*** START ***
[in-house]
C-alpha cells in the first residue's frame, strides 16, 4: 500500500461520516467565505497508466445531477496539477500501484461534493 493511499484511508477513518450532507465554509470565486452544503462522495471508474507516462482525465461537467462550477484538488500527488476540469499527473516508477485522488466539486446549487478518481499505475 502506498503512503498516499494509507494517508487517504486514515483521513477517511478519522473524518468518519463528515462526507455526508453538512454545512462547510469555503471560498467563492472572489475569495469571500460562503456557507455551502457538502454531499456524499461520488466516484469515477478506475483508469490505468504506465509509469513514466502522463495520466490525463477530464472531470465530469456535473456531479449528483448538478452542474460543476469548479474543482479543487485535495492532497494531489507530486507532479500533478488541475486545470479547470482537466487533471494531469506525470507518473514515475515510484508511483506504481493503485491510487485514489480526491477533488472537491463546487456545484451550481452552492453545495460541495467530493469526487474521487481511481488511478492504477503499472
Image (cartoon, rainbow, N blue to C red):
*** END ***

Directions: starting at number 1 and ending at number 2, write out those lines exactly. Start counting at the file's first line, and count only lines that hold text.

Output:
[in-house]
C-alpha cells in the first residue's frame, strides 16, 4: 500500500461520516467565505497508466445531477496539477500501484461534493 493511499484511508477513518450532507465554509470565486452544503462522495471508474507516462482525465461537467462550477484538488500527488476540469499527473516508477485522488466539486446549487478518481499505475 502506498503512503498516499494509507494517508487517504486514515483521513477517511478519522473524518468518519463528515462526507455526508453538512454545512462547510469555503471560498467563492472572489475569495469571500460562503456557507455551502457538502454531499456524499461520488466516484469515477478506475483508469490505468504506465509509469513514466502522463495520466490525463477530464472531470465530469456535473456531479449528483448538478452542474460543476469548479474543482479543487485535495492532497494531489507530486507532479500533478488541475486545470479547470482537466487533471494531469506525470507518473514515475515510484508511483506504481493503485491510487485514489480526491477533488472537491463546487456545484451550481452552492453545495460541495467530493469526487474521487481511481488511478492504477503499472